When we think of Victorian society, ‘prudish’ is probably one of the first descriptions that springs to mind. However, the popular music at the time suggests that the Victorians may not have been as prudish as we tend to think of them as.
Research for this task involved searching through the V&A online collections on music halls and performers, as well as an online gallery from the British Library containing 188 popular Victorian songs. Some books were also consulted, such as The Singing Bourgeois: Songs of the Victorian Drawing Room and Parlor by Derek B. Scott and Popular Music in England 1840-1914: A Social History by Dave Russell.
Music in the Victorian era is home to the music of the Romantic era. This style of music was enjoyed by the middle and upper classes especially. Key composers of this genre include some of music’s most recognisable names including Chopin, Mozart, Verdi, Beethoven and Shubert. Romantic music made use of folklore as inspiration to both lyrics and compositions. A much wider variety of instruments were used compared to other eras, specifically brass instruments. This is due to their recent improvements and inventions. Pianos were extremely important, and the instrument became a central feature of upper class households as it brought families together to play and listen to music together due to the lack of recorded music and other forms of modern entertainment, such as television.
|A typical bandstand.|
Bandstands were also a common occurrence. They were built in parks across the country to house brass bands, who played live music, and are similar in appearance to a gazebo. As there were not many other forms of entertainment available, bandstands were seen as vitally important to recreational parks.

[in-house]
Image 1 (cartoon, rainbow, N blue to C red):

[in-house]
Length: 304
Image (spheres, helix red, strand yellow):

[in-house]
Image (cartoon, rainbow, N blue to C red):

|Cover for the sheet music for Lottie Collins' signature song.|
Also popular was the sale of sheet music for pianos. They were especially popular because recorded music was unavailable at this time, so the only way to hear the songs at home was to play them from the sheet music. Music sheet copies sold very well, and a popular song could sell over 80,000 copies. Almost one hundred music shops existed in London by 1888 according to the V&A, signifying just how culturally important music was to the Victorians. The popularity in the sale of sheet music for pianos indicates some parallels to the music industry of today. By the 1890s, music sheet covers typically portrayed the singer of the song on the cover, the start of album art as we know it today. It also encouraged the application of copyright laws to musical compositions, giving birth to the business and legal aspect of music. Music was becoming a lucrative business and an interesting cover art for sheet music helped to maximise sales, an idea that is still functioning in today’s music industry.
Some of the period’s most popular singers were female. Marie Lloyd is remembered as the “Queen of the Music Hall” and referenced as the Madonna of her time for her boundary pushing stage acts. She was a national and international superstar, performing sold out shows across Britain and globally from America to South Africa. Audiences loved her songs and performances, and she toured globally to much success. Her songs were famously full of sexual innuendos, and her performances popularised by the sexually suggestive nature in which Lloyd performed them in. Some of her popular songs include “If You Want to Get on in Revue”, about advancing in theatre work by performing sexual favours, and the sexually suggestive “She’d Never Had Her Ticket PunchedBefore”. Perceived as a threat to society for her risqué image, she was banned from performing at the Royal Variety Performance for being too obscene. Lloyd retaliated to this by holding a sold out headlining show at the London Pavilion “by order of the British public” according to advertisements printed for it. She was so popular that towards the end of her career, she was earning a staggering amount of £470 a week (around £27,000 in today’s currency) for performing in music halls due to her star power. Her extreme popularity can be used to redefine modern preconceptions about the Victorians; how could they be a truly prudish society when somebody like Lloyd enjoyed colossal success?